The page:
Subject: Delage-Toriel dissertation: "Ultra Violet DArlings. Representations of
     Women in Nabokov's Prose Fiction"
Date: Wed, 20 Jun 2001 10:42:16 -0700
From: "D. Barton Johnson" <>
Organization: International Nabokov Society
To: vn <>

EDITOR's NOTE. Although one of the reasons for writing a dissertation is to get a job, its prime function is to present new knowledge or interpretations about its topic for other interested parties. NABOKV-L urges all Nabokovians to inform their colleagues of their research and publications. Professional recognition depends on making others aware of your work so they may draw on it.  NABOKV-L particularly thanks Barbara Wyllie and Lara Delage for their dissertation abstracts.

        "Lara Delage" <>

 In the wake of Barbara Wyllie’s initiative, I am posting a synopsis of 
my PhD dissertation, which was submitted in Cambridge last January. The 
synopsis was written for academic purposes and may not convey, in its 
assertiveness, the nuances in my thesis.

Ultraviolet Darlings
Representations of Women in Nabokov's Prose Fiction

Lara Delage-Toriel

This study proposes to shed light on a heretofore neglected aspect of 
Nabokov's fiction: his portrayal of women. It embraces the entire corpus of 
his novels, as well as some of his short stories and non-fictional works. 
Nabokov is renowned for his finely chiselled prose, sharpness of vision and 
provocative slant of thought. Yet for all his stylistic and intellectual 
originality, Nabokov's mode of characterization does not escape certain 
archetypal and stereotypical patterns. This tendency is all the more 
conspicuous in the case of female characters, who, despite being in constant 
focus, never appear in his novels as dominant focalizers. The narrative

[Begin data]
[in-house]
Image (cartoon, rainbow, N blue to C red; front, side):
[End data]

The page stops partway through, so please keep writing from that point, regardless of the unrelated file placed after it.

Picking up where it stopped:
point of view in every one of Nabokov's novels is as distinctively male as 
is his claim for absolute authority over his fictional worlds. This twofold 
objectification of women has made Nabokov an ideal target for feminist 
critics, yet surprisingly few have risen to the challenge. The reason for 
this critical silence may lie in Nabokov's characteristic ambiguity. His 
vision is a prismatic one, which refracts rather than reflects the reality 
it refers to. My aim, which is not primarily feminist, is to investigate 
various Nabokovian refractions of the feminine: the vulgar, the virtuous, 
the muse, the mother. I examine the way in which Nabokov plays with these 
familiar figures of femininity and confers upon them an individual aura, 
turning them into his own 'ultraviolet darling[s]'. In my first chapter, I 
gather around the notion of poshlost and the figure of Emma Bovary various 
kinds of vulgar women. These are contrasted with a group of virtuous women, 
who fail to achieve harmonious relationships with their male partners. In my 
second chapter, I consider the muse figure and its implications for women's 
role in Nabokov's artistic process. In my third chapter, I study Nabokov's 
iconography of the maternal by examining various configurations of the 
mother-child relationship in his fiction. My last chapter brings into 
perspective the very notion of representation by dwelling upon the pictorial 
politics framing the female portrait. Throughout my study, references to 
Nabokov's relationships with women in real life draw these issues into 
relief and help to illuminate both the distinctively personal and the more 
traditional traits in Nabokov's delineation of the feminine.